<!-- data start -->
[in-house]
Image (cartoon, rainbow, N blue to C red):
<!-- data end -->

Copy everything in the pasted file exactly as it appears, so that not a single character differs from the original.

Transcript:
[in-house]
Image (cartoon, rainbow, N blue to C red):